President Biden made clear that regardless of which path President Putin chose, we would be ready. And if Russia chose war, we would do three things: support Ukraine, impose severe costs on Russia, and strengthen NATO while rallying our allies and partners around these goals.
As the storm clouds gathered, we surged military, economic, and humanitarian assistance to Ukraine. First in August 2021, and again in December, we sent military equipment to bolster Ukraine's defenses, including Javelins and Stingers. And we deployed a team from the U.S. Cyber Command to help Ukraine shore up its power grid and other critical infrastructure against cyber attacks.
We prepared an unprecedented set of sanctions, export controls, other economic costs to impose severe and immediate consequences on Russia in the event of a full-scale invasion.
We took steps to leave no doubt that we, and our Allies, would uphold our commitment to defend every inch of NATO territory.
Meanwhile the think tanks are putting in extra hours for a new strategy to combat Russia and deliver a resounding victory for the West.
Victory after Putin's death
Khodorkovsky in Bratislava: regime change in Moscow is only possible after Putin's death.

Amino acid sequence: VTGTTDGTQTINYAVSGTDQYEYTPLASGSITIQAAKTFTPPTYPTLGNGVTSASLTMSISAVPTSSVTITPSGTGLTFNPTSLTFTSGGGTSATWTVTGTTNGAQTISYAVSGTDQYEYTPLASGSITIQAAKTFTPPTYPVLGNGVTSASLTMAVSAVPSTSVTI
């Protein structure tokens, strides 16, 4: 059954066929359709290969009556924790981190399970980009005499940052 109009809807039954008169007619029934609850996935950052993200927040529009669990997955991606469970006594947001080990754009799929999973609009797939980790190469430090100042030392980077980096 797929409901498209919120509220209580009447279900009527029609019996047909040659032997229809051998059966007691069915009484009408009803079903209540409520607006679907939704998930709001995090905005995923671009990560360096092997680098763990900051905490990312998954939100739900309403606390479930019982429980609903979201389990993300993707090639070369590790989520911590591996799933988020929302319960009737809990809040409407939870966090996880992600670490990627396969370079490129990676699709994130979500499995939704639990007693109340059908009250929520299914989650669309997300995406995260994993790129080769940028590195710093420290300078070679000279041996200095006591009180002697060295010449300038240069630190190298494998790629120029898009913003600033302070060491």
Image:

Many articles and diaries written on the adventures of Khodorkovsky ...
Related reading ...
Neocons sighted on the Thames | @BooMan by Colman on Nov 15, 2005 |
What If Question Discussed @GlobSec
General Shirreff in Bratislava: If Ukraine fails to meet its objectives, we must think about what to do: inevitably to join the fight. We suck ourselves into a war because we are committed to a victory for Ukraine. I agree.
Good meeting, but 'what if' questions are avoided: what if Ukraine does not win, if nuclear weapons are deployed, if a conflict with Taiwan breaks out, etc. These are, in my opinion, the questions policymakers should prepare for.
Ivo Daalder the true Russophobe has succeeded in a decades long battle for a military confrontation with Russia. Quite unfortunate Ukraine us used as a proxy and bleeds on its territory.
Kerry Preaching Policy Contra Russia @Atlantic Council | Apr 30, 2014 |
Related reading ...
Stop the Pointless Demonization of Putin | The Natiion by Stephen F. Cohen on May 7, 2012 |
Decolonizing Russia -- A Moral and Strategic Imperative | CSCE Helsinki Commission |
Russia's barbaric war on Ukraine--and before that on Syria, Libya, Georgia, and Chechnya--has exposed the Russian Federation's viciously imperial character to the entire world. Its aggression also is catalyzing a long-overdue conversation about Russia's interior empire, given Moscow's dominion over many indigenous non-Russian nations, and the brutal extent to which the Kremlin has taken to suppress their national self-expression and self-determination.
Serious and controversial discussions are now underway about reckoning with Russia's fundamental imperialism and the need to "decolonize" Russia for it to become a viable stakeholder in European security and stability. As the successor to the Soviet Union, which cloaked its colonial agenda in anti-imperial and anti-capitalist nomenclature, Russia has yet to attract appropriate scrutiny for its consistent and oftentimes brutal imperial tendencies.
VDL on EU and NATO expansion this week
Storage of Russia's nuclear weapons
The Nuclear Sequence of the Belgorod Raid